|Engine||In-line 6-cylinder, 3003cc|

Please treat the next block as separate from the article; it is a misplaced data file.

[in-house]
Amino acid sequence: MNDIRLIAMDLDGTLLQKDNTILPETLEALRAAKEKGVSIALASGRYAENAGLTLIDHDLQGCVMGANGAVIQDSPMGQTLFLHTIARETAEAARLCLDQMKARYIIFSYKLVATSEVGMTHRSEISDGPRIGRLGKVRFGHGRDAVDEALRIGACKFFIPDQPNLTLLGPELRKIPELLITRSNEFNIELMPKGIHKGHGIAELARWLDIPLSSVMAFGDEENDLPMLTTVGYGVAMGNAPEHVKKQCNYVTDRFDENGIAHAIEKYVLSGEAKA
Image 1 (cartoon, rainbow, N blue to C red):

Launched in 1965 as an elegantly styled pillarless coupe with a two-litre four-cylinder engine, it wasn’t until 1968 that BMW reworked the model with the Munich company’s refined and powerful SOHC straight six to created one of the finest grand tourers ever made. Codenamed E9, the CS’s Karmann-built bodywork featured revised styling with a much-improved frontal aspect and an interior expensively finished in either cloth or leather, with wood facia and leather-rimmed steering wheel. A twin carburetor 3.0 version was announced at the 1971 Geneva Motor Show, with the fuel injected CSI launched a couple of months later using the latest Bosch D-Jetronic system. The ultimate E9 variant, the CSL, was a homologation special born out of necessity – BMW had to make 1,000 production cars to allow the car to race in the European Touring Car Championship and needed to come with a lighter, faster version of the CSI. By using lighter gauge steel, plus an aluminium bonnet, boot and outer door skins, BMW managed to save 400 lbs, while boring the cylinders by 0.25mm raised the engine capacity to 3003cc, crucially allowing the car to run in the over 3-litre division and the works racers ultimately expanded to a full 3.5-litres. BMW enjoyed plenty of success with the highly developed ‘Batmobile’ CSLs, battling with Ford’s Capri for top honours in the ETCC throughout the Seventies, winning the title no less than five times. In October 1972 BMW added a right-hand drive CSL to the line-up, effectively replacing the CSI with the so-called ‘City Pack’ model, adding standard steel bumpers, electric windows, power steering and carpets. Priced higher than an equivalent Aston Martin, BMW struggled to sell the 500 examples built when new, hard to imagine now given how coveted genuine CSLs have become over the years. With a four-speed ZF close-ratio gearbox, ventilated discs all round and 200 horsepower on tap, the BMW is a driver’s car par excellence and, with only a handful ever reaching these shores, surviving examples are now highly prized collector’s items.